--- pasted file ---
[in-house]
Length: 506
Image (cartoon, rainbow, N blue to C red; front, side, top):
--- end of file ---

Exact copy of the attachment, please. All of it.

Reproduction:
[in-house]
Length: 506
Image (cartoon, rainbow, N blue to C red; front, side, top):